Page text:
Second Nature Care Blog

Alzheimer's and Your Brain Microbiome

[fa icon="calendar'] May 12, 2020 1:33:18 PM / by Dr. Isadora Guggenheim

Alzheimer's disease or commonly called AD is a progressive disease usually affecting people over 60 years of age. AD is responsible for 75% of all dementia and is the most aggressive neurodegenerative disease. Researchers and clinicians see a build-up of beta-amyloid protein in the brain. 

What causes these clumps of toxic amyloid plaques in the brain? 

Studies have found strong evidence that these soluble peptides are the most neurotoxic species and are causing memory loss and neuron cell death,” says Liviu Mirica, who led the new research. “Plaque formation might be an attempt by the brain to neutralize the threat.”

What is in those plaques? Protein remnants of environmental factors, brain proteins - Amyloid-B, tau proteins and alpha synuclein - the hallmarks of Alzheimer's and Parkinson's. 

Pathogens (viral, bacterial, parasitic and fungal), environmental noxious chemicals, foods we eat and our gut microbiome, oxygen deficiency, other medical conditions, generalized inflammation and head/neck injuries can increase or decrease our risk of developing Alzheimer's. You could eat gluten or casein present in dairy products and these lectins or proteins react with brain tissue contributing to this neurodegenerative disease. Up to 47 million Americans may already be in preclinical stages of Alzheimer's. So, it's not just genomic predisposition to Alzheimer's; it is the environment - your environment. 

Early onset of AD is driven by genomics as early as age 30 to 60 and specifically due to a mutation in APP, PSEN1 and PSEN2 which are responsible for amyloid plaques and neurofibrillary tangles, but later onset is related to your total body burden of cumulative toxins. 

Where do these pathogens come from? Your mouth of course. Periodontal bacterium Porphyromonas gingivalis can be 7 times greater in the brains of those with AD. It is also found in the blood of AD patients. If you have periodontitis - you have a six-fold increase in the rate of cognitive decline. I look for elevated TNF tumor-necrosis factor, a proinflammatory protein, that can give me a snapshot of blood brain permeability. They found gram negative bacteria in amyloid deposits - Escherichia coli and Samonella typhosa.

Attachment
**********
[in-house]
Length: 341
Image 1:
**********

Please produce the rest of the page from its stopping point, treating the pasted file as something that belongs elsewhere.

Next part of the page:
Other infections linked to AD are - Borrelia burgdorferi, Chlamydophila pneumonia, Cytomegalovirus, Helicobacter pylori, HSV Herpes Simplex -1 have been linked to the progression of dementia and AD. I test for all of these infectious agents.


I test for heavy metals in the blood and via provocative urine challenge with chelating agents. Specifically, I look for aluminum, mercury and lead as they have been well-studied as leading causes of brain toxicity. Aluminum is in drinking water, vaccines, cheeses, candies and it binds to the intestinal mucosa and brain. Why can't they make products without aluminum? Longer shelf-life on one hand while our brains form amyloid plaques that affect memory, cognition and ability to synapse. 

If you have multiple chemical sensitivity, you can test for antibodies using Multiple Chemical Immune Reactivity Screen from Cyrex Labs. 

The clinical goals are to identify and remove the triggers of AD. Blood-based biomarkers are now available as the Alzheimer's LINX panel from Cyrex labs to find specific environmental triggers that contribute the formation of amyloid plaque, tau tangles and brain inflammation. 

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Alzheimer's foundation is based on oxygen deficiency. I.V. Ozone MAH or medical ozone is part of the treatment. We incorporate German biologics and UBI to address brain pathogens and blood brain barrier damage. 

References: Vojdani, A. Environment and Alzheimer's Disease. Townsend Letter, October 2019.

The research was published in the journal ACS Chemical Neuroscience.

Topics: Ozone and Prolozone therapies, Neurological Conditions, Healthy Living, Brain Health, Mental Health

Isadora Guggenheim, ND, FNP, RN, MS, CNS, LMT, owner of Second Nature Naturopathic Care, LLC
For all appointments: Tel: 845 358-8385 Fax: 845 358-2963